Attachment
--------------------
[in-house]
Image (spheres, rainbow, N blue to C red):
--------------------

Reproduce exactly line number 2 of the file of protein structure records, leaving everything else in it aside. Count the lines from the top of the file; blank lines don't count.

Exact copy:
Image (spheres, rainbow, N blue to C red):